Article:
"X-2: X-Men United" Film Review
By: Nathaniel Simpson
"X2: X-Men United" is one of those rare cases where the sequel is either as good or better than the original. While the first movie was a good superhero film that was able to set up a long-running series, this movie took it up a notch, adding in more mutants and more problems for them to face. Serving as one of the first major superhero team-up films of the modern era, this film had the opportunity to become one of the best superhero movies ever made, standing up to the test of time. Even though this film is very enjoyable as a whole, it serves as more of a mindless superhero film with the problems from the first movie still very present.
A former army general named William Stryker (Brian Cox) holds the key to Logan's (Hugh Jackman) past, as well as the future of the X-Men. Convincing the American government that all mutants are threats, he leads an attack against Professor X (Patrick Stewart) and his school of mutants. Now illegal and on the run, the mutants are forced to team up with the villainous Magneto (Ian McKellen) and his ragtag team of mutants to stop the humans and Stryker from destroying the mutant race for good.
This movie brings back fan favorite characters from its predecessor, including Wolverine, Magneto, Professor X, Storm (Halle Berry), Jean Grey (Famke Janssen), Cyclops (James Marsden), Rogue (Anna Paquin), and many more; as well as introducing newer characters like Nightcrawler (Alan Cumming), Pyro (Aaron Stanford), and Colossus (Daniel Cudmore), to name a few.
All of the mutants in this film are able to bring back that suave and energetic energy from the first movie. Every single one of these superhumans are so much fun to watch, and they all match the characters they are playing perfectly. Jackman furthers Logan's plotline, cementing him as the leader of this franchise as a whole.
I thought the storyline that consists of the love triangle between Jean, Logan, and Scott Summers (Cyclops) was great. You can tell that both of these men love this woman, and she is conflicted over how she truly feels. She has feelings for Scott still, but she can't deny her love for Logan at the same time. This furthers the plot along, with the storyline coinciding with the main storyline at the same time.
However, speaking of the main storyline, it seems like an interesting plot line to put in right now. I get it, Stryker is a major antagonist in the comic books series, but it's interesting how Bryan Singer would spend the entire first film setting up how evil and cunning Magneto is just to have them team up in the second film. Even though the X-Men would need to band together with other mutants to save their race, it is just odd that they would have these two major enemies team up to destroy the human antagonists rather than finding new mutants to help with the cause.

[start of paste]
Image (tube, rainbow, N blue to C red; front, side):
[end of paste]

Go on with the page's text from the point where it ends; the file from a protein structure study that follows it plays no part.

By saying that however, I think that would make the major problem for this film worse - it is just too convoluted and crowded. This was a major problem with the first installment, and it seems like this film suffers from the same problem. Even though they still had more character development and storylines to develop for the main cast in the first movie, the filmmakers decided to add more mutants into the mix giving them their own complex storylines like there aren't already ten major characters we have to explore as well.
Like mentioned earlier, this movie seems like more of a mindless superhero adventure whose main purpose is to entertain the audience, which it certainly does. On an entertainment factor, the film succeeds on every front, but it loses the intelligence aspect along the way. There are many things that don't make sense, and they want the audience to be shocked during plot twists when the viewer can see them coming a mile away. This isn't much of a problem as the viewer is more focused on the action and the cool powers of the mutants, but when looking back on the film you have just watched, you can see all of these minor details that just clearly don't make any sense whatsoever.
This is undoubtedly a good, mindless superhero film. If you go into that mindset, you're going to have a wonderful time with it. But, if you go in expecting a film that is heavy on plot and strong character development, you're going to be sorely mistaken. One would argue that this film is made simply to entertain fans of the comic book franchise, which I would agree with. So, even though this film suffers from some minor problems they need to fix, can one say that this film didn't do its job spectacularly?
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